Show your fifth grade scientist how to create a siphon using two buckets, plastic tubing, and water. Watch her astonishment as the water travels uphill!
Conduct a simple science experiment to see if flowers from your garden pass the acid-base indicator test with this exciting chemistry activity.
By using static electricity generated from their body, a child can cause a small fluorescent lamp bulb to light up!
Wondering how we know that air is there? Here's a quick and easy experiment that proves that air may be thin, but it's not too wimpy to block your shot!
Get your sense of humor ready for this fun science experiment that demonstrates the fundamental physics of air pressure.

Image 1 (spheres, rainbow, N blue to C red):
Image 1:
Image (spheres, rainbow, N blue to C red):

Here's a science experiment that gives your kids a chance to see how fire needs oxygen to burn, with a little math and writing practice thrown in.
If your child needs to review important parts of the body, she can use this detailed worksheet about how muscles work with the rest of the body.
Turn a patchy day into a fun science adventure with this cloud gazing worksheet! Draw the clouds you spot, and then identify which type they are.
Meet the stratus cloud, a low-hanging kind of cloud that usually comes out when it rains, in this earth science worksheet.
Meet the stratocumulus cloud, the kind of cloud that tend to gather in groups when a storm is on the way.